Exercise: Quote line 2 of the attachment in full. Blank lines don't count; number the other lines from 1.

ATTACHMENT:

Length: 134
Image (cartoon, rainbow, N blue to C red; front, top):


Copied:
Image (cartoon, rainbow, N blue to C red; front, top):